By Shelley Grieshop
FORT RECOVERY -- Jacob Siefring giggles, then quickly places his hand over his mouth as he contemplates a question from his mother.
He grabs a small blue box resembling a miniature computer and begins tapping at the keys. "Mrs. Diller" appears on the screen as a computer-generated voice reads the words aloud.
The special equipment, called a Dynavox, is the 8-year-old's voice. Born with a genetic, incurable disease called Fragile X Syndrome, the bubbly child is unable to speak coherently most of the time and has used the electronic device to communicate the last two years.
He adapted to the device so well, that he was chosen by a group of statewide educators to receive the R.A. Horn Award today in Columbus for "outstanding achievement."
"I was bragging about Jacob and all he's accomplished at a meeting a while ago and someone suggested we nominate him for the award," says Kathy Staugler, of the West Central Ohio Special Education Regional Resource Center (SERRC) of Wapakoneta. SERRC is an educational service that strives to meet the needs of school districts, as well as parents and students, with special needs. The agency nominates educators of special needs children as well as the children themselves for outstanding progress.
Siefring, a second-grader at Fort Recovery and the son of Neal and Elaine Siefring of New Weston, received the blue Dynavox when he was just 6, following a consultation between Staugler and his preschool teacher, Mary Diller.
Almost immediately it became clear the machine was the child's missing link.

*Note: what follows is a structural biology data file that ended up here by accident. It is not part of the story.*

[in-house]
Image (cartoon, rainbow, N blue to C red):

"It was like an awakening," Staugler says. "He had something to say."
The device is programmed to speak clusters of pre-programmed words and sentences typed out by Siefring.
The young boy is doing amazingly well, his teachers say. Credit for his success is shared by the many people whose lives he's touched.
"His mother has always gone above and beyond," says Nancy Knapke, the school's elementary principal.
His mother, who was awarded the Walter B. Horn Award (the adult version) last year, admits she pushes hard when it comes to her son's progress. But she claims his educators have made the difference.
"They just didn't quit, they've never given up on him," she says.
Diller worked with the student through her lunch hour. Kindergarten and first-grade teachers Diane Burke and Susan Bertke, along with speech therapist Stacy Rammel, all kept up the pace and encouraged the little guy to communicate in "his special way," Knapke says.
Elaine Siefring recalls arriving at school to pick up her son not long after he received the Dynavox.
"He showed me what he had written -- I love you mom," she says tearfully.
Getting Siefring to use the device more socially is an immediate goal. Improving his speech so he doesn't need the Dynavox at all is a distant goal, but reachable for the young boy who never seems to get discouraged, everyone agrees.
There was a time that his mother thought the communication device could hinder his desire to speak, but after seeing the improvement not only in his speech but reading and other skills, she knows he's heading in the right direction.
"I think he can do anything he wants to do," she says. "I know he's taught me a lot."